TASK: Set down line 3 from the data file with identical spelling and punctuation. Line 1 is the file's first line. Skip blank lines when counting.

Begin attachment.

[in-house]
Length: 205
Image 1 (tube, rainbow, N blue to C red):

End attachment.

Image 1 (tube, rainbow, N blue to C red):